View Full Version : Solo'ing in Key
09-25-2001, 04:56 AM
When soloing on (for example) The major pentatonic scale...
does it mean that you can use ONLY notes which are ON this scale?
if so...isn't that very limiting?
09-25-2001, 04:48 PM
let's say your solo is a path... You can walk nicely in the footsteps the leader has left on the ground, but you may also take another path, if you finally come back in the leaders footsteps... By doing so, you create tension and release, which is all music is about
09-25-2001, 05:01 PM
lal is right... if you're soloing over a progression and stick to whatever scale (say a major pentatonic scale), then technically each note is going to "fit" correctly (that is of course if you know your scales and are in the right key). However, an important aspect of music is creation tension, and then releasing that tension (or maybe not). You know? Music would be boring if everything "fit" fine. Tension can be a good thing... this becomes ever more clear to me as I begin to learn about jazz... a jazz player probably would not play a simple g major scale over a g chord, but would spice things up a bit.
09-26-2001, 07:21 AM
And how is this tension made?
by putting in some variations...using minor and major for example?
09-26-2001, 09:08 AM
what is considered tense in our ears may be heard as beautiful is other peoples ears or cultures, just make up your path, and share it with others.
09-26-2001, 11:55 AM
Try using chromatics above and below the scale notes, especially the chord tones. Also try connecting notes within the scale chromatically. You will find any note will work as long as you resolve it properely. Check out Jimmy Brunos website for ex.'s of this (look under tips)
http://www.jimmybruno.com.....also check out any charlie parker refernce material (omni book), he is one of the pioneers of using all 12 tones to improvise
Combining the major and minor pentatonic together is also a cool techniue...this is something BB King does all the time.
10-03-2001, 05:37 AM
How to find the key when usingp owerchords?
And i don't know what chromatics are...
10-03-2001, 06:11 AM
power chords are the root and the fifth of a "normal chord" so your key will be the root of the chord which seems to be the base of your riff.
For exemple in metallica's enter sandman, the key is E, since this tone attracts the riff to come back to it...
Chromatics are notes that are between actual scales notes (to play a chromatic scale, you just have to play every note on every fret on your neck)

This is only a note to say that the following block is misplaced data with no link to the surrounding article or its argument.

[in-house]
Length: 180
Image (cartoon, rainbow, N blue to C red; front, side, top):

when used tastefully, chromatics add nice "colors" to your solos (chroma= color in greek)
10-04-2001, 03:33 PM
you take the powerchord on which a riff is based:
This is an E-powerchord...
BECAUSE the root of this chord is E
so...viewing the upper (=root on the E-string) powerchords the key is always the note on the e-string. Then find the powerchord on which the riff is based...padaboom THE KEY!!!
10-05-2001, 06:05 PM
in your exemple, you include the minor third, which makes your chord a triad and not a power chord!!!
An E Power chord would be
10-06-2001, 05:31 AM
a triad..that's new for me...
i thought that any chord should have 3 or more notes to be a chord...
i don't know what triads are...
10-07-2001, 04:37 PM
i'm writing something...
1st: Written in the A major pentatonic scale (mostly)
2nd part: i'd like to work with the same scale, but only moved up 1 fret. that would mean it's in another scale.
I'd like to use these 2 parts direcly after each other...
am i violating any laws of music by doing this???
10-07-2001, 05:15 PM
well a chord has at least 3 notes, but a power chord has two, the root, and the fifth. When it has 3 notes, a chord is called a triad.
If you use a scale one fret higher, what you get is another scale (but not another type of scale)... For example, an A minor pentatonic played one fret higher is an A# minor pentatonic
You can play the two scales in a row if the tune you are playing tells you to do so... In a blues progression, playing the two scales in a row might sound like you're adding tension, but it will rapidly sound like you're playing your licks one fret too high...
Some Jazz cats use the one fret lower approach to sound "out", they first play a lick one fret too low, then play the lick in the right key... Sounds hip!!!
10-09-2001, 07:04 PM
there are formulas to these scales .. ex. major scale consists of: whole, whole, half, a whole to divide another set of whole, whole, half, in the key of C you would have: C D E F G A B C, from C to D is a whole step (or two frets not counting the one u r on)from D to E is another whole step, however from E to F is only a half step (or one fret), from F to G is a whole step (the whole step to divide the second set of w,w,h) from G to A is a whole step, from A to B is a whole set and from B to C is a half. So your major formula in any key is ex.in C:
C D E F G A B C
W,W,H,W,W,W,H .. Never change the formula!
1 2 3 4 5 6 7 8(or better known as ocatave)
now prove it by picking up your guitar and trying it out and always listen closely to the sounds you hear for future reference .. (Start on the 3rd fret 5th string and go all the way up the neck to play the C scale (using formula) on one string.)
A power chord is a man made word consisting of a root and fifth. the triad chord consists of 3 notes: 1(root or key) 3rd (color) and 5th. without the third there is no minor or major. The 3rd is what determines whether it is minor or major. ex. C E G = C major, C Eb G = C minor.
by using the number system if u take 1 3 5 in any key u have your chord ex. 1 3 5 = C E G, if u use 1 4 5 you have your chord progression ex. 1 4 5 = C F G these are called your primary chords ...
a chromatic scale consists of 13 notes from the root to the ocatave ex. C C# D D# E F F# G G# A A# B C you always end with what u start with.
have i confused you enuff?? *laffs*
10-10-2001, 03:44 AM
Yes you have
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